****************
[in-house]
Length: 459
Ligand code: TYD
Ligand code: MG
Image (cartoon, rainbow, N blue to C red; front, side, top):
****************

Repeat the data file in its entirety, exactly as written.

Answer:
[in-house]
Length: 459
Ligand code: TYD
Ligand code: MG
Image (cartoon, rainbow, N blue to C red; front, side, top):